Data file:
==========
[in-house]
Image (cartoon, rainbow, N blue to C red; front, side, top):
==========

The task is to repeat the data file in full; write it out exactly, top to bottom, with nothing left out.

[in-house]
Image (cartoon, rainbow, N blue to C red; front, side, top):